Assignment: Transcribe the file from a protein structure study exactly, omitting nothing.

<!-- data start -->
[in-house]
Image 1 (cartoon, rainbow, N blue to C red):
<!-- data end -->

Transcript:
[in-house]
Image 1 (cartoon, rainbow, N blue to C red):